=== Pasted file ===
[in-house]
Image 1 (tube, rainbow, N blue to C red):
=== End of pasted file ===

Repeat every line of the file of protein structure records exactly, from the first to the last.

[in-house]
Image 1 (tube, rainbow, N blue to C red):